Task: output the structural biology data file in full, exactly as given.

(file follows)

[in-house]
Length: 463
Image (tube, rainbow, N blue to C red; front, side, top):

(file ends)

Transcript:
[in-house]
Length: 463
Image (tube, rainbow, N blue to C red; front, side, top):